Frequently Asked Questions on Multi-homing and BGP
Connect uses BGP communities to control routing announcements, i.e. the routes we send to customers as well as the routes we send to our peers and providers.
- These communities are divided into two groups:
- public communities
- these can be set by customers to influence how Connect treats a route, either internally or externally.
- private communities
- are used to classify routes. Customers should not try setting these communities as we will clear all customer set communities if a private community is present in a routing announcement.
These communities allow customers to modify AAPT's routing system behaviour in some way. The current communities are:
- Only announce the route to customers or to "national" rate peers (currently Worldcom/OzEmail).
- Don't announce the route outside of the local POP. This also means that traffic sourced by this route will be dropped if it attempts to leave the local POP. If using this community then you should request a "local scope only" routing table to avoid blackholing traffic.
- Modify the local preference of a route so that it is lower than a route received from a peer but not lower than a provider.
- Modify the local preference of a route so that it is lower than a route received from a normal customer announcement but not lower than one received from a peer. This is normally used to indicate a backup path. Note that traffic filtering may drop traffic sourced through an interface where the route is being announced with a local preference altering community set if there is another announcement of the route without the community set.
- Announce the route to customers and all peers. This means that we will announce it to all customers and to Telstra, Optus, Worldcom, etc, as well as to Telecom NZ and Singapore IX, but not our major upstream transit providers.
- Only announce the route to customers.
- Announce the route to customers and Australian peers only. This is similar to 2764:6, but excludes international peers. This means that we will announce it to all customers and to Australian peers such as Telstra, Optus, Worldcom, etc, but not to Telecom NZ, Singapore IX, or our major upstream transit providers.
- This community is defined by the MBONE community at FIXW-MBONE and while Connect does not currently connect to the MBONE or provide IP multicast service this community is reserved for potential future use.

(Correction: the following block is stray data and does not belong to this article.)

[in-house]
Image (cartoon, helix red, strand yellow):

Private communities are used internally to the AAPT network to control routing announcements. There are two main classes of private community and although customers cannot set these communities their meaning may be useful when using the Connect "Looking Glass" to diagnose problems.
- Class of route
- Communities 2764:65408 to 2764:65412 indicate the "basic" location of the origin of the route and are used to determine which routes are sent to a customer (based on their routing table type request).
2764:65408 Route originated by Connect or a Connect customer 2764:65409 or 2764:65410 Route originated within Australia i.e. Telstra, Optus, Worldcom etc.. 2764:65412 Route reachable via the USA
- These communities are referenced by AAPT's routing policy, accessible via whois at either whois.connect.com.au or at whois.ra.net. The policy is described in the Routing Policy Specification Language (RFC 2622).
- Location of route
- Communities starting at 2764:65280 indicate the origin POP of a Connect originated route. Some routes within AAPT's provider blocks will not be tagged with 2764:65408 but will have a POP community and there are a small number of special case routes that while originated by Connect don't have a POP community.
How do I restrict announcements so they don't go to AAPT's providers?
If you want only some of your networks to be globally routed by Connect you must use communities. Note that some router vendors do not support communities even though they claim to have a conformant BGP implementation.
If there are some networks you don't want us to globally route you must tag them with the community 2764:1 or 2764:7.
On a Cisco router this is best achieved by using a route map on your link to Connect. For example:ip bgp-community new-format ! router bgp ASN neighbor neighbor remote-as remote-AS neighbor neighbor send-community neighbor neighbor route-map AS2764-EXPORT out ! route-map AS2764-EXPORT permit 1 match ip address 100 set community 2764:1 route-map AS2764-EXPORT permit 2